ESR - Results
Erythrocyte sedimentation rate; Sed rate; Sedimentation rate
Adults (Westergren method):
- Men under 50 years old: less than 15 mm/hr
- Men over 50 years old: less than 20 mm/hr
- Women under 50 years old: less than 20 mm/hr
- Women over 50 years old: less than 30 mm/hr
Children (Westergren method):
- Newborn: 0 to 2 mm/hr
- Newborn to puberty: 3 to 13 mm/hr
Note: mm/hr. = millimeters per hour
Normal value ranges may vary slightly among different laboratories. Talk to your doctor about the meaning of your specific test results.
What abnormal results mean:
Although it can help diagnose some illnesses, an abnormal ESR does not prove that you have a certain condition. Other tests are almost always needed.
An increased ESR rate may be due to:
The immune system helps protect the body against harmful substances. In autoimmune disorder is a condition that occurs when the immune system mistakenly attacks and destroys healthy body tissue. ESR is often higher than normal in people with an autoimmune disorder.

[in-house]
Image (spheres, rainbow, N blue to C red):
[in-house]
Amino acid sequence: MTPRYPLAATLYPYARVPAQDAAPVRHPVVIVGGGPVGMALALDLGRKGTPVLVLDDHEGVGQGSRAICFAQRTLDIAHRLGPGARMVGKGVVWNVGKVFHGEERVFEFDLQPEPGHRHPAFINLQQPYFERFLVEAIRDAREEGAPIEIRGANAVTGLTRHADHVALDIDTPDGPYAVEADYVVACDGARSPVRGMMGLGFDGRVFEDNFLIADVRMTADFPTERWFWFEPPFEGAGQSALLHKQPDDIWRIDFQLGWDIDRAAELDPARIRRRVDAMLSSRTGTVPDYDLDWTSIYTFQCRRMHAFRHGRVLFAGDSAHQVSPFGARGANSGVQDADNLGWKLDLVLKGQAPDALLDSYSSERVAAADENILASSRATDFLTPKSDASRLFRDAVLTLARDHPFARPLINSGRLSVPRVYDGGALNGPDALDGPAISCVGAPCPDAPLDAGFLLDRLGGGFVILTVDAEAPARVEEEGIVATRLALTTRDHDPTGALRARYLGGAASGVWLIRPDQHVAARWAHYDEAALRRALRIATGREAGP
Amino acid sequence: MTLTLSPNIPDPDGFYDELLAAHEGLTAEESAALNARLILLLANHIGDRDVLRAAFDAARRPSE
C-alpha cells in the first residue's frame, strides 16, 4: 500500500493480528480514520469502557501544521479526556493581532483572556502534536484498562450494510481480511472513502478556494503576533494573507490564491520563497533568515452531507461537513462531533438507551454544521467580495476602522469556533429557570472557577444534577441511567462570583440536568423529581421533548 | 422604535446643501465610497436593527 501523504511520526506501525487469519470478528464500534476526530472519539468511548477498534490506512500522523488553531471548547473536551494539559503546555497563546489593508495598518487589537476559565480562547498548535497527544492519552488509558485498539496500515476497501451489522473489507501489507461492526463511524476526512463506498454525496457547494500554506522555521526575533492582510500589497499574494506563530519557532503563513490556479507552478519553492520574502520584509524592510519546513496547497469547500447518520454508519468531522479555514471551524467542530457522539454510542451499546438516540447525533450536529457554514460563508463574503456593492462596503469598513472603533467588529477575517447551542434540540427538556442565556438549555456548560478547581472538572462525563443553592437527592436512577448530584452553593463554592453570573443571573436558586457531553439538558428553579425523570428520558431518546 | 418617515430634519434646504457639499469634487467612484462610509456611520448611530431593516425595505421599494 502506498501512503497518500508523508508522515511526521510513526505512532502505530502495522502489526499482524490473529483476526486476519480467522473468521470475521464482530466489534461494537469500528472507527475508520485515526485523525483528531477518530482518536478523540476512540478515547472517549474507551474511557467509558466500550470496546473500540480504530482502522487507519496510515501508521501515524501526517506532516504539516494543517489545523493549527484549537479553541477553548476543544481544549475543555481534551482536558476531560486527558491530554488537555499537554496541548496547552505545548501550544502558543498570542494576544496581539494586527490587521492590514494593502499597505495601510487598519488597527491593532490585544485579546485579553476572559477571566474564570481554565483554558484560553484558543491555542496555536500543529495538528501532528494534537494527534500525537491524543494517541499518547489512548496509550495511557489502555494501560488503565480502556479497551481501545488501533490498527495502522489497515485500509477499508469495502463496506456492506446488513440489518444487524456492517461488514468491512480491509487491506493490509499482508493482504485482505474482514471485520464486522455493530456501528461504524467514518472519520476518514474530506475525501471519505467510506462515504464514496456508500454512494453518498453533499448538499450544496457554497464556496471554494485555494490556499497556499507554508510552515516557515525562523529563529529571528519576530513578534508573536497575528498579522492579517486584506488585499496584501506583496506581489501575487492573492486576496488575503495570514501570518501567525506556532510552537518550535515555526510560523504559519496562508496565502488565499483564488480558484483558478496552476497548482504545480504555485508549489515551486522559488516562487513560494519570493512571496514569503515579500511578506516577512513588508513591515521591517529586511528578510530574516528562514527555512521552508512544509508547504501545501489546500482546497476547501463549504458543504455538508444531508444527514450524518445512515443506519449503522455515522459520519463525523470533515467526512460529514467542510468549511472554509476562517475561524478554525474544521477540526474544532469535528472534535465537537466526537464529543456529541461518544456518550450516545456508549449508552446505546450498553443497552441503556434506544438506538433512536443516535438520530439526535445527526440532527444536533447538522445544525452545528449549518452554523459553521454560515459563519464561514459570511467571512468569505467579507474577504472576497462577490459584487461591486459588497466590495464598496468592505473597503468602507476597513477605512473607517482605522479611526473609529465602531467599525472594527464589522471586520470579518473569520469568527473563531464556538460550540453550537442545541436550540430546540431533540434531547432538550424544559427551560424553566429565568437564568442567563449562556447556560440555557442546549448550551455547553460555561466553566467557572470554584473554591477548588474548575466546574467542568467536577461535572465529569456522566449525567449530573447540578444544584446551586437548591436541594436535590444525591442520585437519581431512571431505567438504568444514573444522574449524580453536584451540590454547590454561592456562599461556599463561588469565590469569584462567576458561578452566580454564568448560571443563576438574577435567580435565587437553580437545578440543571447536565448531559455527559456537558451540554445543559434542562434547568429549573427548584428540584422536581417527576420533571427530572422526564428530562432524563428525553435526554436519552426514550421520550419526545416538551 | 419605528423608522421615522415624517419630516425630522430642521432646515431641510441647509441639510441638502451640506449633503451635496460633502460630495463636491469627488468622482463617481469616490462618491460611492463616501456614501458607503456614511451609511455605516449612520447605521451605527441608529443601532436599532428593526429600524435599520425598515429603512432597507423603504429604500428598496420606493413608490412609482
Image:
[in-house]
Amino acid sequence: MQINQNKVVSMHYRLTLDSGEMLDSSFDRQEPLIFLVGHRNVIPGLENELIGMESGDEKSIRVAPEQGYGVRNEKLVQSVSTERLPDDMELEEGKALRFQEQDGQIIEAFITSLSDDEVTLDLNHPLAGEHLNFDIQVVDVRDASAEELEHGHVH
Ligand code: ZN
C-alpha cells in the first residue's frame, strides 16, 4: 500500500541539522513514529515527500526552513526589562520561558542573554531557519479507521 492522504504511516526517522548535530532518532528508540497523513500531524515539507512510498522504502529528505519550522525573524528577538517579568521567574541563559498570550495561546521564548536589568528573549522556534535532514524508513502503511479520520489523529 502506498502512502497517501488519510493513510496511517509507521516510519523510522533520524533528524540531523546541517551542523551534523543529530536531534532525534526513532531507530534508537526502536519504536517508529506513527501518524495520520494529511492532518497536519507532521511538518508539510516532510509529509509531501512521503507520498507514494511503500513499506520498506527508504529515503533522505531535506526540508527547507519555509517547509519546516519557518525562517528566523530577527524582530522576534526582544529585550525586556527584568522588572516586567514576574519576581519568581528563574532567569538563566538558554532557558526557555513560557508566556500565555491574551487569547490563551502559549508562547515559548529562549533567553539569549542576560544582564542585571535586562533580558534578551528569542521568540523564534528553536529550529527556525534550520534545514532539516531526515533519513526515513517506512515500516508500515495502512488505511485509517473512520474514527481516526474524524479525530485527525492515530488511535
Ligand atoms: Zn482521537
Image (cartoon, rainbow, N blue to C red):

Common autoimmune disorders include:
Very high ESR levels occur with less common autoimmune disorders, including:
An increased ESR rate may be due to some infections, including:
Lower-than-normal levels occur with:
- Reviewed last on: 6/1/2011
- David C. Dugdale, III, MD, Professor of Medicine, Division of General Medicine, Department of Medicine, University of Washington School of Medicine. Also reviewed by David Zieve, MD, MHA, Medical Director, A.D.A.M., Inc.
Kushner I, Ballou SP. Acute-phase reactants and the concept of inflammation. In: Firestein GS, Budd RC, Harris ED, et al, eds. Kelley's Textbook of Rheumatology. 8th ed. Philadelphia, Pa: Saunders Elsevier; 2009:chap 52.
Pisetsky DS. Laboratory testing in the rheumatic diseases. In: Goldman L, Ausiello D, eds. Cecil Medicine. 23rd ed. Philadelphia, Pa: Saunders Elsevier; 2007:chap 278.
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